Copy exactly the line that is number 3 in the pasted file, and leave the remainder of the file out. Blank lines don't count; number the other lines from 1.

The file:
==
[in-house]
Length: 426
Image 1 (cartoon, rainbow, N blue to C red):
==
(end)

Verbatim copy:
Image 1 (cartoon, rainbow, N blue to C red):